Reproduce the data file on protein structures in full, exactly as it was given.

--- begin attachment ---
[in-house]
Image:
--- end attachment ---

[in-house]
Image: